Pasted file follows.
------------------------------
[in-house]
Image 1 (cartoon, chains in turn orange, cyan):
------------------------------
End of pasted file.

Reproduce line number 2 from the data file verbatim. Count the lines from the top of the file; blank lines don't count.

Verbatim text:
Image 1 (cartoon, chains in turn orange, cyan):